What size truck do I need to pull a Tiny House?

Recently a reader asked the question, What size truck do I need to pull a Tiny House?

It’s a little tough to say since the final weight has a lot to do with how the tiny house is finished – like choice of siding, roofing, flooring, cabinets, etc. As a general rule of thumb you can estimate the rough dry weight by multiplying 450-pounds by the length.

So a 16 foot house should weigh about 7,200 pounds – which is about the limit of a base level full size truck (like a Ford F-150, Toyota Tundra or GMC Canyon). But most full size trucks often come equipped with bigger engines and towing packages – which can bump their capacity up to 10,000-12,000 pounds or more. So if you have a use for a big truck, owning a vehicle that can also tow your house might make sense.

But most folks prefer driving things like SUVs and trucks like Toyota Tacomas, which can usually tow only 2,500 – 3,500 (or with a towing package up to just about 7,000). So while these vehicles can be great for day-to-day activities, they are just a bit too small for towing a tiny house.

If you don’t need to move the house much it may be a better option to rent a moving truck to tow the house and simply keep a smaller car (or bike!) for getting around town. Many tiny house folks choose to take this route actually.

But if you’re set on buying a truck to tow your tiny house on a regular basis, I highly recommend reading about the journey’s of Jenna and Guillaume at Tiny House Giant Journey. They travel full time in their tiny house and have shared the true cost of towing a tiny house. Their house weights 10,100 pounds and they tow it with a Ford F-250 Diesel 4X4.

Photo by Jenna and Guillaume at Tiny House Giant Journey.

6 thoughts on “What size truck do I need to pull a Tiny House?

  1. Nancy Zehetner says:

    I have horses and it is always emphasized in the horse world that it is not how much you can tow rather how much can you stop. There can be a difference which is important to consider.
    I have never hauled a tiny house but I have hauled horses and RVs and I would much rather haul an RV than a tiny house but I would rather live in a tiny house. My choice would be to build on skids (is that the terminology) and have someone move it for me.

    • Michael Janzen says:

      Skids is the right word, yes. The other advantage of wheels is that building inspectors often don’t look at it – on skids or blocks, they might. Depends on the community.

  2. Kevin says:

    You might say I grew up on the road. My father was a pipeline welder and when high school was finished, I too worked pipeline until I began college five years later. We also always had a farm. I have pulled a livestock trailer with an El Camino and I have pulled a 35 foot travel trailer with a heavy half ton pickup as well as a first gen toyota tundra. I have pulled tongue type and fifth wheel and I have pulled them across the continental divide and all over the the US. Here is my advice, get at least a one ton capacity truck with massive brakes and don’t skimp on the trailer brakes.

    As alluded to above, stopping is the primary issue with some of these homebuilt and custom builder homes coming in at more than 10000 pounds.

    There is nothing worse than coming to a stop and realizing the trailer is going to push you into the intersection. It would be hard to decide if that is actually worse than coming down from a 12000 foot pass and not being able to slow down.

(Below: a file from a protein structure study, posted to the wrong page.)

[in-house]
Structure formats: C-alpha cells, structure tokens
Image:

Wait, I do have one worse, you have been pulling your trailer all day into a 30mph headwind from eastern Montana starting before sunup so you miss the morning rush in Bismark and the best speed you can make during the day is 35mph. It is hot and you are young and you have a schedule to keep so when darkness falls and the wind dies, suddenly you can easily pull the trailer at the posted limits (or greater because you are young and in a hurry). Feeling good, you decide to push through until morning but just outside Hamburg, Iowa around 3 in the morning, a Semi passes you at better than 80mph and sucks in your trailer. End result, though no one is hurt, your trailer is spread along three football field lengths of interstate. the truck was undamaged and it was only our home. but we picked up a little u-haul type tongue type to hold all we could find that was not destroyed.

    When we got home, we replaced the tongue type with a 29ft fifth wheel and the difference in towing and control was night and day. if I ever tow a trailer again, it will be a fifth wheel.

    There is no substitute for horsepower and massive brakes.

  3. russell says:

    My TH is right at 16 feet with wind breaker on front . I pull it with a Ranger 2 wd, to 45 mph with no pushing. It is still just a shell. When I final go to Fl to live I plan to go back roads as much as I can. My plan will take a week per truck . I have two trucks and a car with a TH for each. Not to forget the boat, four wheeler’s and massive sets of tools. Still got a bunch more to do. I plan to build another TH almost as big as my main one. That way I can box them together for different jobs that I do.

  4. Mike Geyer (HikerMiker) says:

    To Kevin: Please tell me more about the advantages of a fifth wheel trailer weighing in at 15-17,000 lbs. w/ three axles and electric brakes.

  5. Alex Hall says:

    With this wonderful blog you have given a best knowledge about truck need pull tiny house. This is really an interesting post for us. Thanks for sharing this best information.

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